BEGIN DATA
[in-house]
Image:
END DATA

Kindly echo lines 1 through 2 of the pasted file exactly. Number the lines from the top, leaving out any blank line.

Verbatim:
[in-house]
Image: